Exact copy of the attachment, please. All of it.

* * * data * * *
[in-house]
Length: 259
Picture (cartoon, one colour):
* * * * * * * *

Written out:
[in-house]
Length: 259
Picture (cartoon, one colour):